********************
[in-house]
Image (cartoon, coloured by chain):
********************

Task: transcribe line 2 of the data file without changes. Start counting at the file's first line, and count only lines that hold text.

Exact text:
Image (cartoon, coloured by chain):